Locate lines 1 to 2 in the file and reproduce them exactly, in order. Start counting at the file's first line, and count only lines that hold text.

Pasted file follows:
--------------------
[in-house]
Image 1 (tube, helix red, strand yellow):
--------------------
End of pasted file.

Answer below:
[in-house]
Image 1 (tube, helix red, strand yellow):